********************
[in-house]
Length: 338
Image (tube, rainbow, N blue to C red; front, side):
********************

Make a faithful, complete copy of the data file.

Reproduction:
[in-house]
Length: 338
Image (tube, rainbow, N blue to C red; front, side):